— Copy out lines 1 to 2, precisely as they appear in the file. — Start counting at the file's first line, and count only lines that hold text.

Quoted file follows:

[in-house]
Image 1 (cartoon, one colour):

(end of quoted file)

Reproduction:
[in-house]
Image 1 (cartoon, one colour):